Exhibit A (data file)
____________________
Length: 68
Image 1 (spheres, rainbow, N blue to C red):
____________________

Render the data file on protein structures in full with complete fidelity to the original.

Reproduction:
Length: 68
Image 1 (spheres, rainbow, N blue to C red):